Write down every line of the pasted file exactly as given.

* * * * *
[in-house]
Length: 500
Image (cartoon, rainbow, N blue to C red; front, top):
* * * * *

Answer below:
[in-house]
Length: 500
Image (cartoon, rainbow, N blue to C red; front, top):